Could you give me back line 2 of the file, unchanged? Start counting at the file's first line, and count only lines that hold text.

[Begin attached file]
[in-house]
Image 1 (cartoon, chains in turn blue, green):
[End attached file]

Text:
Image 1 (cartoon, chains in turn blue, green):